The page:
Monday, March 17, 2008

Hellraiser: Inferno

I think this may be my favorite film in the Hellraiser series. Made after the franchise had fallen into straight to video hell, it largely eschews the series’ apocalyptic overtones in favor of telling a grim detective story. It’s not really like any of the other films in the series (at least of the ones that I’ve seen), and that definitely works in its favor.

The film follows a corrupt detective that’s trying to solve a series of murders orchestrated by a man known only as the Engineer, who seems to be specifically targeting people that the detective knew, starting with a prostitute he had slept with. Of course, it shouldn’t be too much of a surprise to fans of the series who eventually gets involved in these shenanigans, or that a mysterious puzzle box would present itself at the first crime scene, but it’s nicely done in how subtly they’re dealt with. There’s no screaming in your face demons here (even though I admittedly enjoyed the third film in the series for just that reason – what can I say, my reasoning skills are not without their inconsistencies), just a man and his own personal demons, and how he allows them to slowly destroy him. Of course, there are the required Clive Barker moments, like how his initial leads to the Engineer take him to a gay bondage club, because why not, and there’s always the requisite punishing chains that always accompany Pinhead and the rest of the Cenobites, but these elements are all very surprisingly held in check for most of the movie, for the most part only used to wrap everything up and explain what exactly has been going on.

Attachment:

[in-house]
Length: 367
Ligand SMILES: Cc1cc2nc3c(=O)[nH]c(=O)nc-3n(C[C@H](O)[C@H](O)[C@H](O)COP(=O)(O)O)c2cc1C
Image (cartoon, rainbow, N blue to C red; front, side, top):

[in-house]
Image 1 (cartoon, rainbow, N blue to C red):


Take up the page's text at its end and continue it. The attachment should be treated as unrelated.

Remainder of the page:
I of course will not say what is going on, as that would be unfair to the movie, and since I try not to spoil the endings of movies that I hate, you can rest assured that I won’t do it to one that I actually quite liked. Indeed, given how most of the movies in the series, at least from what I’ve seen (parts 1-3 and this one), don’t really connect to each other aside from the Cenobites and the puzzle box, you could easily make this the first or only Hellraiser film you ever see, and it won’t leave you lost.

As I said in my review of the third film, I’m really not a big fan of this series. Compared to the Halloween or Nightmare on Elm Street series, this one is definitely second rate. However, despite this film’s occasional flaws (after all, despite all my championing of its understatedness, it’s still a Hellraiser film and still goes retardedly over the top at a few points), I would give it an unreserved recommendation as the best film the series has to offer. If you were thinking of trying the series out, definitely give this one a whirl.

Rating: ***

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